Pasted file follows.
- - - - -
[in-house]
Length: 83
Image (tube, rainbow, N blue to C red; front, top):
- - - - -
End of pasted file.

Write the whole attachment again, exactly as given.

[in-house]
Length: 83
Image (tube, rainbow, N blue to C red; front, top):